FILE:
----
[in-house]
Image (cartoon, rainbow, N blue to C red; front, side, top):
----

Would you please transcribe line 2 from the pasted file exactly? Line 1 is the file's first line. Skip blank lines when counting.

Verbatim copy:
Image (cartoon, rainbow, N blue to C red; front, side, top):